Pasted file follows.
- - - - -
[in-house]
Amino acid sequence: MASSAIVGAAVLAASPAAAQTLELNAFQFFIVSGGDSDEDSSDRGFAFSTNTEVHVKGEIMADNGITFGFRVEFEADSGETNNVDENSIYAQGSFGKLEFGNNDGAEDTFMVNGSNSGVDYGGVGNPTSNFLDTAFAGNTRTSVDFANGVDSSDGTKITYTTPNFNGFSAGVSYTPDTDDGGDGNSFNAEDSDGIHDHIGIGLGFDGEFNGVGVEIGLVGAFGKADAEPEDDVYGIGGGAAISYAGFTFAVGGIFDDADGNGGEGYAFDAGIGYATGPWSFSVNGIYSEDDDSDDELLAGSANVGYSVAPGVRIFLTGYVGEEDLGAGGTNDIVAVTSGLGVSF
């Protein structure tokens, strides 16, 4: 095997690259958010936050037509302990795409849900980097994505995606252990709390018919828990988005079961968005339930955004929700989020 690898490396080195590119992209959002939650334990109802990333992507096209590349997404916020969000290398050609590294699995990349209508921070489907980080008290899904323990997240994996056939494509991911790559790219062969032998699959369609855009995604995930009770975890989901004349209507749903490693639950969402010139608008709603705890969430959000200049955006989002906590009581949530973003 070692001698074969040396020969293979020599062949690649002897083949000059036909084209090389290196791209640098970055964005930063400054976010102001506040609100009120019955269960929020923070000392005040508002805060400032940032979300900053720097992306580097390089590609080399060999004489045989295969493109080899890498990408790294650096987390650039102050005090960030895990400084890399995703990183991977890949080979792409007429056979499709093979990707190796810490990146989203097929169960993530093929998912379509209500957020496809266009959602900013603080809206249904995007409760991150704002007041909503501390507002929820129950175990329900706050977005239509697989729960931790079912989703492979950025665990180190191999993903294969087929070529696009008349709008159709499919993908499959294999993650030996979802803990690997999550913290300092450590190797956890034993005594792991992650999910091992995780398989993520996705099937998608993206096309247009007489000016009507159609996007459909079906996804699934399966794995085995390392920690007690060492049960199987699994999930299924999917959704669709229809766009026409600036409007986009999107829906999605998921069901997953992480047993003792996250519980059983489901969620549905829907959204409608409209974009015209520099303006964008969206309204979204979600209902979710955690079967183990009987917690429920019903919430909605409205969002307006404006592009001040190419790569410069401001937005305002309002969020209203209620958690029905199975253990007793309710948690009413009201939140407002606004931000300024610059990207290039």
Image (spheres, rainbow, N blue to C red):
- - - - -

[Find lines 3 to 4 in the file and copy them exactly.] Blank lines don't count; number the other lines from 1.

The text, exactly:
């Protein structure tokens, strides 16, 4: 095997690259958010936050037509302990795409849900980097994505995606252990709390018919828990988005079961968005339930955004929700989020 690898490396080195590119992209959002939650334990109802990333992507096209590349997404916020969000290398050609590294699995990349209508921070489907980080008290899904323990997240994996056939494509991911790559790219062969032998699959369609855009995604995930009770975890989901004349209507749903490693639950969402010139608008709603705890969430959000200049955006989002906590009581949530973003 070692001698074969040396020969293979020599062949690649002897083949000059036909084209090389290196791209640098970055964005930063400054976010102001506040609100009120019955269960929020923070000392005040508002805060400032940032979300900053720097992306580097390089590609080399060999004489045989295969493109080899890498990408790294650096987390650039102050005090960030895990400084890399995703990183991977890949080979792409007429056979499709093979990707190796810490990146989203097929169960993530093929998912379509209500957020496809266009959602900013603080809206249904995007409760991150704002007041909503501390507002929820129950175990329900706050977005239509697989729960931790079912989703492979950025665990180190191999993903294969087929070529696009008349709008159709499919993908499959294999993650030996979802803990690997999550913290300092450590190797956890034993005594792991992650999910091992995780398989993520996705099937998608993206096309247009007489000016009507159609996007459909079906996804699934399966794995085995390392920690007690060492049960199987699994999930299924999917959704669709229809766009026409600036409007986009999107829906999605998921069901997953992480047993003792996250519980059983489901969620549905829907959204409608409209974009015209520099303006964008969206309204979204979600209902979710955690079967183990009987917690429920019903919430909605409205969002307006404006592009001040190419790569410069401001937005305002309002969020209203209620958690029905199975253990007793309710948690009413009201939140407002606004931000300024610059990207290039």
Image (spheres, rainbow, N blue to C red):